Another week, another young Black man killed by police.

Last week, 25-year-old Jayland Walker was pulled over by police in Akron, Ohio for supposed traffic and other vehicle violations. He drove off with police in pursuit, eventually fled from his car, then ran on foot. Eight police officers proceeded to shoot and kill him, showering him with enough gunfire to wound him 60 times.

The death of Black people at the hands of law enforcement has become so commonplace and routine that many of us have become simultaneously outraged and psychologically numb. Over the past several years, we have morphed into front row spectators to grainy and, in some cases, graphic footage of police officers engaged in horrific levels of violent behavior toward people of color. Jayland Walker was just another casualty added to a far too long list of Black victims of such incidents.

After several days of intense protests roiling the city, Akron authorities released horrific body camera footage of the incident. Despite such horrifically disturbing and unsettling footage, Walker’s family asked citizens of the community to remain calm and engage in peaceful protests. Like Walker’s family, people in and out of Akron want to know why he endured such intense gunfire.

Predictably, certain segments of the conservative media wasted no time brazenly attacking Walker’s character. They falsely claimed he was a violent man and had a criminal record (he had one traffic ticket and no criminal record, according to The New York Times). Personal flaws aside (and we all have our shortcomings), it is probably safe to say he never fatally pumped 60 bullets into another human being while that person was in retreat. The entire situation is nothing short of abominable.

“Jayland was a private kid,” said Bobby DiCello, a lawyer for the Walker family. “He wasn’t married. He wasn’t a criminal. He obviously was in pain. He didn’t deserve to die.”

I also feel for the Walker family, who have been forced to endure vicious insults targeting their late son’s supposed “less than stellar” character, and justifications of his execution by police because he didn’t comply with their orders. Interestingly, those same critics tend to remain eerily silent when unhinged, sadistic white men routinely commit horrendous atrocities and participate in wanton acts of violence.

One has to answer whether the average white person would even be the victim of such random violence by police officers. According to the Washington Post, Black Americans account for less than 13 percent of the U.S. population, but are killed by police at more than twice the rate of white Americans.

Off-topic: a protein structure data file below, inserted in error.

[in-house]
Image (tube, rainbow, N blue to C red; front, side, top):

If white people were routinely and randomly subjected to police violence at the rate of their Black neighbors, there would be calls for congressional demonstrations and cries of protests so loud it would be political suicide for any politician or police force to ignore.

Notably, almost two weeks later, we have yet to hear from officers involved in the incident. At a recent press conference, Akron Police Chief Stephen Mylett said the officers who killed Walker “need to be held to account” but added, “I am reserving any sort of judgment until we hear from them.” The truth is that Jayland Walker was deprived of such a crucial opportunity.

Most police officers and law enforcement officials are decent, law-abiding human beings who manage to perform admirably doing a job that undeniably can be stressful. There also is a faction — one is too many — of those with badges who shamelessly abuse their power and have to be held accountable for their actions.

White denial, resistance and other factors notwithstanding, Black people are human beings and deserve to be treated with as much respect and dignity as any other group of people. These killings are modern day lynchings. Such sadistic behavior and wicked disregard for people of color cannot continue.

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Copyright 2022 Elwood Watson, distributed by Cagle Cartoons newspaper syndicate

Elwood Watson is a professor of history, Black studies, and gender and sexuality studies at East Tennessee State University. He is also an author and public speaker.